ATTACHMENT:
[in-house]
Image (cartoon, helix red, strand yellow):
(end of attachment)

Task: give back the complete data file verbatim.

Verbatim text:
[in-house]
Image (cartoon, helix red, strand yellow):